April 20, 2012

Rekha Basu Reports on the Screening of Miss Representation

From the Des Moines Register, Written by Rekha Basu, April 20, 2012
The New York Times reported last Sunday on women so desperate to lose weight before their weddings that they’re going on feeding tubes for eight days at a time to avoid eating.
My husband was on a feeding tube before his death. The tubes deliver fluids to people too sick to chew or swallow food. They prolong life but replace some of its most sensual pleasures. What a subversion of life-saving technology to use it for streamlining a figure. And what a distortion of medical ethics for a doctor to participate.
Enhancements that once sounded extreme in their invasiveness, risk factors and costs have become normalized in pursuit of female bodily perfection and to forestall the inevitable signs of aging. Feeding tubes for weight are just the latest twist in the continuum of purging and starvation, Botox and facelifts, buttock implants and breast augmentations.

Not all woman are going to those lengths, but every woman who watches television or music videos, or reads fashion magazines gets The Memo. The one that says “Look sexier, skinnier, younger or risk being ugly, unloved and irrelevant.”
Even women who take pride in their accomplishments and had rejected the idea of going under the knife or getting injected with botulism admit, in a film called “Miss Representation,” to succumbing in order to stay viable as actresses.
The movie was screened at Drake University Tuesday night by the Chrysalis Foundation for Women and Drake’s Student Activists for Gender Equality (SAGE). It focused on the role of mass media in perpetrating unrealistic images of beauty and sex appeal and the sexism underlying them.
Commercials sell images, part of whose goal is to keep us feeling insecure about how we look so we’ll keep buying the products. It works at all age and income levels.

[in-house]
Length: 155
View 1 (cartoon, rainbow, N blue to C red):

“It’s obscene, the spending,” said Sheila Brassel, the president of SAGE of how much even college women pay to primp themselves up. “If you’re struggling financially, the last thing you will cut as a college student is the specific salon brand shampoo you use.” For some, it’s nail care. Even spending on high school proms has hit $1,078 on average, according to USA Today.
Brassel’s organization tries to get students to look critically at those idealized images and persuade young women not to hang their sense of self-worth on male acceptance. But she says some women balk at the idea of feminism, fearing that to call themselves that will make them unattractive to men.

Some of the TV talking heads carrying on about how a woman looks, or should, or what she might have done to look that way, are themselves women. Actress Ashley Judd was recently provoked to fight back at the gossip and speculation surrounding her puffy face after she’d been on steroids for a sinus infection. The 44-year-old who appears on television’s “Missing” was being accused of having plastic surgery.
In the April 9 Daily Beast, Judd wrote, “This abnormal obsession with women’s faces and bodies has become so normal that we (I include myself at times — I absolutely fall for it still) have internalized patriarchy almost seamlessly. We are unable at times to identify ourselves as our own denigrating abusers, or as abusing other girls and women.”
Not that women are alone. Men can be especially hard on aging actresses and female politicians. When actress Demi Moore was hospitalized in January, two months after breaking up from her younger husband, Ashton Kutcher, a male commentator informed us her real problem was being 49.
For those of us who grew up in the women’s movement, these discussions bring a frustrating sense of déjà vu. Didn’t we learn to value ourselves beyond our looks and to support one another instead of competing and back-stabbing? And didn’t men get Our Memo — the one demanding equal treatment?
“I’m pissed off,” said a woman of my generation after the screening of “Miss Representation,” recalling the sense of possibilities when sports first opened up for girls and people were picketing for the Equal Rights Amendment.

Organizers of the film showing suggested actions for young women to take, from boycotting magazines, movies and TV shows that objectify and degrade women to campaigning for female candidates to “Stop talking about your weight (especially in front of young girls).”
Women’s activism needs to be rekindled at younger ages, in middle and high schools. Girls need to be taught to stand up for themselves and not hand their power over to men. And boys need to be shown alternative models of manhood.
No woman should be raised to believe that getting thin through a feeding tube is the way to start a good marriage. Nor should any man.